Two pieces of property owned by the Suncoast Haven of Rest Rescue Mission at 5625 and 5663 Park Blvd. now belong to the city of Pinellas Park. The city has also approved the purchase of several other properties within that strip.
PINELLAS PARK – The city of Pinellas Park closed on the purchase of two Park Boulevard properties owned by the Suncoast Haven of Rest Rescue Mission. The deal was finalized on New Year’s Eve, about a week-and-a-half after the original closing date of Dec. 21.
The deal hit a momentary snafu when a lease agreement between the rescue mission and Dolphin Plumbing, which owns property in the same commercial strip, was revealed. The rescue mission leases the second floor of Dolphin’s property at 5681 Park Blvd., using it as a residential space for staff and volunteers. This lease ends March 31.
In November, the city agreed to pay the rescue mission $370,000 for the properties, plus an estimated $5,140 in closing costs. Originally, the city said the mission could stay rent-free through the end of January.
Now, to accommodate the lease, the city has agreed that the rescue mission can continue to operate at its Park Boulevard location through the end of March. The Rev. Lionel Cabral said the city is asking it to pay about $1,500 per month in rent through March.
At its Dec. 13 meeting, the City Council also approved the purchase of other lots within that strip, including Dolphin’s property and a vacant lot to its north from Robert L. Watson and Mary L. Watson for $250,000. Dolphin is also permitted to remain on its property through March 31. Other properties purchased include: .18 acres at 5609 Park Blvd. from IHK Security, LLC for $145,000; .21 acres of vacant property at the northwest corner of 56th Street and Park Boulevard from Jason Jagdeo and Ramnarace Jagdeo for $82,000; .35 acres at 5667 74th Ave. N. at Park Boulevard from GTE Financial for $166,500 plus closing costs; and .19 acres at 5705 Park Blvd. from David and Mary Touchton for $140,000 plus closing costs.
“A couple of these properties are a little on the expensive side,” said Tim Caddell, a spokesperson for the city, “but it all comes down to whether it serves the public interest or not. If it’s in the best interest of the community and the residents, then it’s worth it.”
Three parcels in this strip have not been purchased by the city, including Bottles Pub, located to the east of the rescue mission at 5619 Park Blvd., and Vice Mayor Rick Butler’s real estate office to the rescue mission’s west, at 5635 Park Blvd. Butler has recused himself from all votes pertaining to these properties because of the conflict of interest, but has indicated he has no interest in selling. “I just got my place looking the way I like,” he said. “Why would I want to sell?” But he’s excited about the revitalization of the area.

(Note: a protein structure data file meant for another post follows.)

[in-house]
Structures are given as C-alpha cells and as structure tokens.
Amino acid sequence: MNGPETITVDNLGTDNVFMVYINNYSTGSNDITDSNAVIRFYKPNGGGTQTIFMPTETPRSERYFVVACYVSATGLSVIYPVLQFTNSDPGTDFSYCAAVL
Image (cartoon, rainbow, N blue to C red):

All of these properties fall within the city’s Community Redevelopment Area, a designated business area near Park Station and City Hall. It was established in 1989 with money set aside each year from tax increment financing, a public financing method used for community improvement. The City Council, which doubles as the Community Redevelopment Agency in charge of this area, hopes to revitalize business development and create a dynamic mixed-use center.
Caddell said the city doesn’t have any specific plan for the Park Boulevard properties it has been purchasing over the past couple of months.
“We might fix them up and resell them or tear them down and build something new,” he said. “Anything is possible.”
The city also has several other redevelopment projects in the works in that area.
Two city-owned properties on 75th Terrace within the United Cottages neighborhood, an area of historic, tourist cottages, are nearing completion. The structures are zoned for commercial and residential use, Caddell said, and depending on what deals are presented to the city could be leased or sold. Construction should be finished by the end of February, said Tom Shevlin, Pinellas Park assistant city manager.
“There’s a lot of anticipation of beautifying and sprucing up the area,” Shevlin said.
The city is also completing the third and final phase of a 2.9-acre park, which was primarily created to improve drainage in the area. The yet-to-be-named park will be located at 76th Avenue between 40th and 43rd streets and will include a man-made pond with a pedestrian trail around it and a playground.